A recently published study shows that due to the low salinity, the invasive comb jelly cannot produce enough eggs to sustain a population in the central Baltic Sea. This is another indication, that the comb jelly poses no threat to the commercially important Baltic cod.
Originating from the waters off the east coast of America, the comb jelly has been carried to other parts of the world in ballast water of cargo ships. In recent years, the invasive comb jelly has found its way to the Baltic Sea.
The comb jelly earned its bad reputation after it invaded the Black Sea in the 1980'es. Each individual of this hermaphrodite is capable of producing up to 14,000 eggs a day, and in the Black Sea, having left its natural enemies behind, the comb jelly thrived and bloomed to massive numbers eating the native fish' food as well as their larvae and eggs.
Due to the comb jelly's bad reputation, it caused concern when it was first spotted in the Baltic Sea. The Bornholm Basin is the most important cod spawning ground in the central Baltic and it was feared that the jelly would pose a threat to the valued cod by eating the eggs and larvae or by gulping down the food that the larvae are dependent on for survival.
In order to try to determine, how the comb jelly will expand into the Baltic Sea and whether they might affect the cod, PhD-student Cornelia Jaspers from the National Institute of Aquatic Resources (DTU Aqua) in Denmark has investigated how the salinity gradient in the Baltic Sea might affect the comb jelly's egg production.
"Our results show that due to the low salinity, the comb jelly cannot reproduce enough to get a population going in the most important cod spawning ground of the Baltic Sea," says PhD-student Cornelia Jaspers, who has recently published her results in the peer-reviewed scientific journal, PLoS ONE, with co-authors Professor Thomas Kiørboe, DTU Aqua, and Assistant Professor Lene Friis Møller, University of Gothenburg.
Drifting in from other areas
After the first sighting of the comb jelly in 2005, it has rapidly become abundant in northern European waters with the highest densities in the Kattegat and south western Baltic, especially during summer. So far, the comb jelly has generally been absent from the central Baltic Sea during summer, but it does appear in small numbers in these low salinity areas during the colder months from autumn to spring.
The researchers conclude that due to the small amounts of eggs being produced in the central Baltic Sea, the appearance of comb jelly in this area from autumn to spring must be due to comb jelly being drifted in from higher salinity source areas like the Kattegat and the south western Baltic Sea into the central Baltic Sea. This means, that the comb jelly is not around to eat the cod eggs and larvae in the central Baltic Sea during the summer or to compete with the larvae for food.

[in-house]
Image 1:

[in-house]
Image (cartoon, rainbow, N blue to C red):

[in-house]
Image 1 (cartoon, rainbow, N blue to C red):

No threat to the cod
In a previous study, Cornelia Jaspers and her colleagues showed that comb jelly do not eat cod egg or larvae and therefore pose no predatory threat to the cod population.
"Overall our work demonstrates that the predatory threat of the invasive comb jelly on cod eggs and larvae can be ruled out and that the indirect threat due to food competition is unlikely since they cannot sustain a population in the central Baltic Sea," says Cornelia Jaspers.
Comb jellies in the lab
In order to find out, whether salinity could limit the comb jelly's reproduction, the researchers measured how many eggs the comb jelly produced per day in areas with low salinity in the Bornholm Basin and Arkona Basin in the central Baltic as well as in the high salinity Kattegat. Furthermore, in the lab, they studied how many eggs the comb jelly produced under different salinities corresponding to the salinities that the comb jelly might encounter in the Baltic Sea.
The lab results showed that the comb jelly produced almost no eggs at salinities corresponding to the low salinity in the central Baltic, intermediate amounts of eggs at salinities corresponding to the intermediate salinity levels found in the south western Baltic Sea, and the highest amounts of eggs at salinities corresponding to the high salinity found in the Kattegat.
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